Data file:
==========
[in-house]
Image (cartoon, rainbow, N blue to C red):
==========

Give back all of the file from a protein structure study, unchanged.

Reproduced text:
[in-house]
Image (cartoon, rainbow, N blue to C red):